Need Help With Elgin Pocket
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  1. #1
    Member augustorm's Avatar
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    Need Help With Elgin Pocket

    Another WUS member (John MS) suggested I put this post here. Don't know why I did not see this area before I posted earlier.

    The watch below was given to me by my great grandfather via my grandfather. I have yet to find the model on the web and was wondering if any of you vets could get close to identifying it. It is a very heavy piece and I don't know if it is because of the internals, the gold content (if any), or both. I have found a few sites that mention Elgin but nothing shows anything close. The numbers on the dial appear to be unique compared to what has came up with a google search.

    I have not opened it because 1). I don't have the knowledge yet and 2). Can't find anyone to work on it for a reasonable price. FYI 300 just to open it up, to me, is NOT reasonable. Add to that 150 to diagnose the problem. And of course the price goes up from there for whatever is needed for the actual repair. This leads me to my last inquiry...
    Anyone near the Phoenix area that knows of a experienced, reputable person that would be willing to look at this? I would love to get it working as it has sentimental value. I just don't feel I should spend the same amount as some new watches just for opening it up.


    Any help would be great.

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    Sorry about the quality. I just don't have the knowledge or perhaps the equipment to take better pics.

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    There is engraving on the back although it is worn. There seems to be a chevron between the 1 and 2 o'clock position if that means anything. The rest appears to be foliage of some type.

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    Thanks,

    Wes
    My Current Rotation

    Tissot PRS 516, Tissot T-Touch, Tag Formula 1, Citizen 8700, ESQ Aston, Bulova Swarovski

  2. #2
    Vintage & NAWCC Forum moderator Ben_hutcherson's Avatar
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    Re: Need Help With Elgin Pocket

    It looks to be a 12 or 16 size watch, and that sort of metal dial will date it to the 1920s. The case is more than likely gold filled.

    It appears to be a screw-back case. To remove the back, hold the watch in your left hand with the pendant resting against the web of your thumb-the back should easily unscrew by gripping and turning counter-clockwise with your right hand. No special tools are required.
    Member National Association of Watch and Clock Collectors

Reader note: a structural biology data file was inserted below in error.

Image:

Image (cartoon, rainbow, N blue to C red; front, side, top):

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    Serious collector of American pocket watches-Waltham(and the predecessor companies) is my specialty.

  3. #3
    Member augustorm's Avatar
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    Re: Need Help With Elgin Pocket

    I will go get it...thanks Hopefully pics of the movement coming up.
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  5. #4
    Member augustorm's Avatar
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    Re: Need Help With Elgin Pocket

    Quote Originally Posted by Ben_hutcherson View Post
    It looks to be a 12 or 16 size watch, and that sort of metal dial will date it to the 1920s. The case is more than likely gold filled.

    It appears to be a screw-back case. To remove the back, hold the watch in your left hand with the pendant resting against the web of your thumb-the back should easily unscrew by gripping and turning counter-clockwise with your right hand. No special tools are required.
    Ben you appear to be correct as there is no hallmark anywhere on the piece regarding gold content. You were also correct regarding the caseback...Behold....

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    Could you tell me what the gauge is in the upper left (S ...... F) ?

    Caseback:

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    A closer pic makes the stamping legible:

    "Keystone"
    "Watchcase"
    Insignia with Scale
    "JBOSS"
    20 YEARS
    EX(C/O)?
    6632440

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    Any place that you would recommend looking up the movement?

    Also, if I jiggle the watch wheels will turn back and forth...winding will turn the gears...but it will not run. Anything I could try?

    Thanks much,

    Wes
    Last edited by augustorm; May 31st, 2012 at 05:16.
    My Current Rotation

    Tissot PRS 516, Tissot T-Touch, Tag Formula 1, Citizen 8700, ESQ Aston, Bulova Swarovski